2. Correlating with number one. The study adjusted for the different baseline scores between in- and outpatients, but not for different session lengths. Is probably a significant physiological difference between a 20- and a 60 minute massage (This question requires more science! And to their credit, the authors admit, “The relationship between the length of massage treatment and the size and duration of effects is worthy of future research.” Ibid, 248)
  3. Finally, I would have liked more specific information about how the sessions were given. Swedish and light touch are broad enough terms, that I want more information about how they were actually applied to patients. No one else could replicate this aspect of the study with much accuracy.
  4. lack of a control group. I’m kind of on the fence about this one, because this is studying clinical rather than mechanistic outcomes. I’d still have included a group where people got 20 or 60 minutes of quiet time (Unless they were getting interrupted during the massage sessions. We don’t know [see #3 above]!).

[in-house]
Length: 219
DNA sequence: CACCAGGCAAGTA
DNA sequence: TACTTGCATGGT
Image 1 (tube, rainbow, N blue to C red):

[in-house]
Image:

That’s the Sloan-Kettering study and my super-fun science dabbler take on it! There are more posts like this to come. I was thinking of doing one a month, but this post is really long and it took a long time to write. So, it probably won’t become a regular thing until I learn to be more concise. Or if this post proves to be wildly popular.

BYOB(ananas)

One of the first types of posts I envisioned for my blog was to share scientific studies on massage, and my opinion on them. Time hasn’t been on my side so far, but, I think the New Year is a good time to start. Beginning with my next blog post, I’ll introduce a study and then talk about what it means for LMTs and their clients. I might also share ways that further studies could be improved.

Before we begin that, it seems appropriate to give some background about me. My education, and my strengths and weaknesses from a scientific perspective. I don’t want to inflate my credentials, or claim expertise that I don’t have.